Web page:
Meet the Crew: Laurie Phillipson
4 April 2018
What is your role at Essex & Herts Air Ambulance (EHAAT)?
My title is Clinical Manager. I have many different responsibilities across the Trust which is one of the beauties of working for a smaller organisation. I have a hand in the clinical direction of the Trust which is something that I really enjoy being a part of. Broadly speaking, I am here to provide the Critical Care Team with the skills, equipment and the confidence they need to do their job.
Tell us more about your career with EHAAT.
I’ve had an awesome career, I’ve worked with the Charity for 16 years! I started in 2002, back in the days where there were two Paramedics. Five shifts per month turned into longer, full time secondments. I’ve gone back to the ambulance service in between periods as Paramedic Course Director, Clinical Manager and CCP Governance Facilitator during which time I completed my Master’s Degree in Critical Care, but I have kept my clinical link with the Air Ambulance continuously by doing one or two shifts a month.
In September 2008 we took the Doctors on board as well as a more structured clinical governance system, this was a big period of change for the Charity with both the clinical and charity side going from strength to strength. During this period the learning curve was steep but very rewarding. A lot more patients started to come back to see us which is always great to see their recovery; the Charity has always been good at trying to pursue leads with following up patients. The Charity growth has allowed the clinical side to have more funds to improve the service and the level of care given to the patient. In 2014 I left the ambulance service and came to work for EHAAT full time.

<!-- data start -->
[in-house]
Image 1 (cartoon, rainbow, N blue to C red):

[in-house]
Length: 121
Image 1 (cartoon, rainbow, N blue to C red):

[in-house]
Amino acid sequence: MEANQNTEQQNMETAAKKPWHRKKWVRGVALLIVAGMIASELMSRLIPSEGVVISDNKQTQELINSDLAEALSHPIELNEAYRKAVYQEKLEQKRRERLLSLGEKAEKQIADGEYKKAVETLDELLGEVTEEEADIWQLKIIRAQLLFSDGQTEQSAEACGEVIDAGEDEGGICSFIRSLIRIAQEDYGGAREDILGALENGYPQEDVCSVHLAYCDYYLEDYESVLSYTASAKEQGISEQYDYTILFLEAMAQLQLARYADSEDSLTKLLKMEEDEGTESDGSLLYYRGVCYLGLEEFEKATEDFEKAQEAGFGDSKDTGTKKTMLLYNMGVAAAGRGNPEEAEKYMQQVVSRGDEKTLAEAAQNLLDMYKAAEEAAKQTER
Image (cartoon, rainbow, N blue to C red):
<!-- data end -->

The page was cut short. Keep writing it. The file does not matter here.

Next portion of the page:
I pinch myself every now and then to remind myself that I am actually in this job.
I know you are heavily involved with our student elective scheme, how does this work at EHAAT?
I have been running the student elective scheme for about 4 years now. Essentially medical students will have a period in their time table to get work experience. We do get hundreds of applications each year, unfortunately we have to turn people away. For me, what makes a student stand out are those that have done voluntary work, some have even led expeditions! It does surprise me how much these students have achieved in their relatively short lives. As well as being outgoing, it is also important that they have shown to have an interest in pre-hospital care, maybe they are a member of St John Ambulance for example. They come from all over the world, New Zealand, America, all across Europe. We can have a maximum of four students at any one time.
When they are here they carry out projects and take part in our governance meetings. We have Kate from North Carolina at the moment looking into the significance of pupil response. Her project is looking to see if pupils can act as a prognosticator in specific conditions. The students also get to fly; we are one of the few air ambulances that offer this and I think that this experience is invaluable. Working on a standard ambulance you might see a couple of serious trauma cases a year that are critical however here, you are exposed to these cases possibly back to back.
The project work that the students do has helped us shape the clinical care that EHAAT offers. It helps ensure that we are always one step ahead.
What do you do in your spare time?